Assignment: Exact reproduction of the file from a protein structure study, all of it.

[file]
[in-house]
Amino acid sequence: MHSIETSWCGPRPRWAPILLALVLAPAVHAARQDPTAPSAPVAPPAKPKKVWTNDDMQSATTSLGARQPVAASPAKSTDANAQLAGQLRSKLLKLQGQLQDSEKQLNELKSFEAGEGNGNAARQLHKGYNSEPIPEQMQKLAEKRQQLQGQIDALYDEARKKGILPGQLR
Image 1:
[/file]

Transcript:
[in-house]
Amino acid sequence: MHSIETSWCGPRPRWAPILLALVLAPAVHAARQDPTAPSAPVAPPAKPKKVWTNDDMQSATTSLGARQPVAASPAKSTDANAQLAGQLRSKLLKLQGQLQDSEKQLNELKSFEAGEGNGNAARQLHKGYNSEPIPEQMQKLAEKRQQLQGQIDALYDEARKKGILPGQLR
Image 1: